The ITS help desk, open from 8 a.m.-9 p.m. daily, only covers a limited range of software issues, and does not support hardware. Staff computers always take priority, meaning student computers often have slow turnover times. “We have lots of continuity problems. We keep having to pass computers from one person to another. That’s the reason we have computers piling up,” said student help-desk worker Jacob Bell ’08. “We’ll often spend ten hours on a computer,” ITS Help Desk Worker Kaye Utzinger ’06 said. “Sometimes a worker will have to come back to a computer two days later.”

As measured in correspondence, Ted Fines may be the best friend of mo
re than a few awkward students. “We’ve gotten a lot of positive feedback that we’ve tried to do more communicating with people,” Fines said, who seemed unaware of students who feel they get too much mail. “They really appreciate that so we need to keep that up and increase it.”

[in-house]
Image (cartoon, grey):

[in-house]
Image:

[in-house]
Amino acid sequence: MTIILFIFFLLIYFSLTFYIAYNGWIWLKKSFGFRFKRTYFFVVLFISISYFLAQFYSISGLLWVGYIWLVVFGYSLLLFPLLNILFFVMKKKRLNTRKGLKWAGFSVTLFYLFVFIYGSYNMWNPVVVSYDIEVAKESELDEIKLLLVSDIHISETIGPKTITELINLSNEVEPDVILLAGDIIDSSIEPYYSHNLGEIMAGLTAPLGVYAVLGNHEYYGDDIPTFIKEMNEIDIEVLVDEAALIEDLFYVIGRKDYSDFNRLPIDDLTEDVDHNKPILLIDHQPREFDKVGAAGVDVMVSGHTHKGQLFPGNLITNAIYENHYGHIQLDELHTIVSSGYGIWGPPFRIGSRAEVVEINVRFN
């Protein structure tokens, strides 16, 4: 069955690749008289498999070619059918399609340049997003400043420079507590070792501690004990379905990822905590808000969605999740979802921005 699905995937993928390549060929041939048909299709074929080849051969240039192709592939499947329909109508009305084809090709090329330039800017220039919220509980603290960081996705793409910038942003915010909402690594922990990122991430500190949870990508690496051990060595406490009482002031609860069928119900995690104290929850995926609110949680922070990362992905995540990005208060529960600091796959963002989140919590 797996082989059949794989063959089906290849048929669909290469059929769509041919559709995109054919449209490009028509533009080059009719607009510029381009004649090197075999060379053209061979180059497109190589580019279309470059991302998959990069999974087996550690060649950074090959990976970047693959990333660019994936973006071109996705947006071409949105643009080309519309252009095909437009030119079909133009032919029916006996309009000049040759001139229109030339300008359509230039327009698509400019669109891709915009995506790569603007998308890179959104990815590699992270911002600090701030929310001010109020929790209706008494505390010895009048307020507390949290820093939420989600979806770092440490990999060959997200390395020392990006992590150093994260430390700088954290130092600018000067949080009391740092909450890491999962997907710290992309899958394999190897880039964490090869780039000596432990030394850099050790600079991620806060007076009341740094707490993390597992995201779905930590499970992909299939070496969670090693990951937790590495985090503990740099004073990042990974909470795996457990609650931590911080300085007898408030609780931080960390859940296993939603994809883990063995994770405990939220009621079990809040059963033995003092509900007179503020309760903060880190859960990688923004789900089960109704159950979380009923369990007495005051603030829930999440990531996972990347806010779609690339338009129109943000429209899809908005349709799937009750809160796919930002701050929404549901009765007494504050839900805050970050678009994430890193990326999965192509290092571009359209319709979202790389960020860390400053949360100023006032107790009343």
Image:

This communication issue may be at the heart of the disconnect that has put ITS on the defensive. “Although we have a website, a lot of that info isn’t getting to each student. We have information distribution problems. People obviously haven’t read our frequent emails,” Utzinger said.

In terms of regaining the community’s trust, “You know you have to hit 100 percent for a few years before they’ll go ‘okay maybe you have fixed things’ So we recognize that it’s kind of an uphill battle but people here on the campus are good to us,” Fines said. “I do think it’s a feasible goal but I do realize that it’s something that’s gonna take years to turn around, literally.”